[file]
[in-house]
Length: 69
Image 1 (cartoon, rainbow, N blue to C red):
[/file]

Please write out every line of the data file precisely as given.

[in-house]
Length: 69
Image 1 (cartoon, rainbow, N blue to C red):